Jól (Iceland)

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Jól (Icelandic pronunciation: ​[ˈjoːul̥]) is the term used for the Christmas holiday season in Iceland and the Faroe Islands and was originally an Old Norse religious festival, also called Yule.

Whereas the start of jól proper is announced by the chiming of church bells throughout the country in the afternoon of 24 December, it is more accurate to describe the season six week event, consisting of seven key phases and dates: Aðventa (advent, the four Sundays preceding jól), aðfangadagskvöld (Yule eve), jóladagur (Yule day), annar í jólum (second in Yule/e. boxing day), gamlársdagur (old years day), nýársdagur (New Year's Day) and þrettándinn (the thirteenth, and final day of the season).

The main event in Iceland, is Christmas Eve ('aðfangadagskvöld'), when the main Yule meal is served and gifts are exchanged.

Jólasveinar

13 days before 24 December, the Yule lads (jólasveinar in Icelandic) start arriving into the towns to give children that have behaved well small gifts in a shoe that has been placed by the window.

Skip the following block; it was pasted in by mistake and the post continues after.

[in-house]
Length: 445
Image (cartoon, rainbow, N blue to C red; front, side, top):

Food

On Yule Eve, traditional dishes are served, based on regional differences in cuisine and accessibility. The most popular dishes are smoked lamb, smoked ham or ptarmigan with turkey, reindeer and beef becoming more popular in recent years.

Þrettándinn

On 6 January, Icelanders celebrate þrettándinn (the thirteenth of jól), go into the corner of their houses and shout out this folklore poem to drive out evil spirits and invite good spirits and elves.

Komi þeir sem koma vilja (those come who want)
Fari þeir sem fara vilja (those go who want)
Mér og mínum að meinalausu (neither hurting myself nor my family)

Communal bonfires are held where fireworks are light, elves arrive and dance with the people.

See also

References

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